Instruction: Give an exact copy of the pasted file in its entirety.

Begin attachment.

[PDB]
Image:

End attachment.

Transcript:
[PDB]
Image: